Denmark close to securing enough Covid-19 vaccines for entire population

Denmark has secured a further 3.9 million doses of the Covid-19 vaccine from Pfizer and BioNTech after the EU reached agreement with the companies over the supply of new doses.

Denmark close to securing enough Covid-19 vaccines for entire population
Covid-19 vaccines being transported in Denmark. Photo: Mads Claus Rasmussen/Ritzau Scanpix

In total, Denmark now has arrangements in place to receive enough doses to vaccinate 5.25 million people. The country’s population is around 5.8 million (including children, who will not be offered the vaccine).

The agreement over the extra doses was confirmed by health minister Magnus Heunicke on Twitter.

A large number of the additional 3.9 million doses are scheduled to be delivered in the second quarter of 2021.

“(This) means we can vaccinate more people as soon as the spring,” Heunicke wrote.

Data published earlier this week showed Denmark to be leading the way amongst EU countries in terms of the proportion of its population vaccinated so far. The first Covid-19 vaccinations in Denmark took place on December 27th.

As of Thursday, 1.41 percent of the Danish population has received the first of the vaccine’s two doses.

All residents at elderly care homes in the country will have received their first dose of the Covid-19 vaccine by Friday, provided they wish to receive it.

The EU’s latest agreement with Pfizer/BioNTech, announced Friday, puts in place the purchase of a further 300 million doses of vaccines for countries participating in the union’s procurement programme.

The EU Commission also approved the a second vaccine, produced by company Moderna, earlier this week, while a third, the AstraZeneca/Oxford University vaccine, could be approved by the end of January.

READ ALSO: Denmark to roll out Covid-19 'vaccine passport'


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IN NUMBERS: Has the Omicron Covid-19 wave peaked in Denmark?

The number of new Covid-19 infections fell on Saturday for the second day in a row, following a three-day plateau at the start of last week. Has the omicron wave peaked?

IN NUMBERS: Has the Omicron Covid-19 wave peaked in Denmark?
Graffiti in the Copenhagen hippy enclave of Christiania complaining of Omicron's impact on Christmas. Photo: Philip Davali/Scanpix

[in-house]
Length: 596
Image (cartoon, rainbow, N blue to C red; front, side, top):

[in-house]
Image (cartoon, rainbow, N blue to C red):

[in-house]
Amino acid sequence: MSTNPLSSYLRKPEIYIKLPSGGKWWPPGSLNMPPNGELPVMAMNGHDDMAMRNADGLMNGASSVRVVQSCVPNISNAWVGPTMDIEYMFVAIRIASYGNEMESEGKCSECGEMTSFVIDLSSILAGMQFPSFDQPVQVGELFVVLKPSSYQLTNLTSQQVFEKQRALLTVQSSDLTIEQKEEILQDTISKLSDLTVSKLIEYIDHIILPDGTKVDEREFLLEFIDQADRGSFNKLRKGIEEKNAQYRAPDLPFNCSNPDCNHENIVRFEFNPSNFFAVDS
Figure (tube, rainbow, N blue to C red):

How many cases, hospitalisations and deaths are there in Denmark? 

Denmark registered 12,588 new cases in the 24 hours leading up to 2pm on Saturday, down from the 18,261 registered on in the day leading up to Friday at 2pm, which was itself a decline from the record 28,283 cases recorded on Wednesday. 

The cases were identified by a total of 174,517 PCR tests, bringing the positive percentage to 7.21 percent, down from the sky high rates of close to 12 percent seen in the first few days of January. 

The number of cases over the past seven days is lower than the week before in almost every municipality in Denmark, with only Vallensbæk, Aarhus, Holseterbro, Skanderborg, Hjørring, Vordingborg,  Ringkøbing, Kolding, Assens, Horsens, Thisted, and Langeland reporting rises. 

Hospitalisations have also started to fall, with some 730 patients being treated for Covid-10 on Saturday, down from 755 on Friday. On Tuesday, 794 were being treated for Covid-19 in Danish hospitals, the highest number since the peak of the 2020-21 winter wave.

The only marker which has not yet started to fall is the number of deaths, which tends to trail infections and hospitalisations. 

In the 24 hours leading up to 2pm on Saturday, Denmark registered 28 deaths with Covid-19, the highest daily number recorded since 20 January 2021, when 29 people died with Covid-19 (although Denmark’s deadliest day was the 19 January 2021, when 39 people died). 

How does Denmark compare to other countries in Europe? 

Over the last seven days, Denmark has had the highest Covid-19 case rate of any country in Europe bar Ireland. The number of new infections in the country has climbed steadily since the start of December, apart from a brief fall over Christmas. 

So does this mean the omicron wave has peaked? 

Maybe, although experts are not sure. 

“Of course, you can hope for that, but I’m not sure that is the case,” said Christian Wejse, head of the Department for Infectious Diseases at Aarhus University Hospital. “I think it is too early to conclude that the epidemic has peaked.”

He said that patients with the Omicron variant were being discharged more rapidly on average than had been the case with those who had the more dangerous Delta variant. 

“Many admissions are relatively short-lived, thankfully. This is because many do not become that il, and are largely hospitalized because they are suffering with something else. And if they are stable and do not need oxygen, then they are quickly discharged again.” 

Denmark’s Prime Minister Mette Frederiksen said during a visit to an event held by the Social Liberal party that the latest numbers made her even more optimistic about the coming month. 

“We have lower infection numbers and the number of hospitalisations is also plateauing,” she said. “I think we’re going to get through this winter pretty well, even if it will be a difficult time for a lot of people, and we are beginning to see the spring ahead of us, so I’m actually very optimistic.” 

She said that she had been encouraged by the fact that Omicron was a “visibly less dangerous variant if it is not allowed to explode.”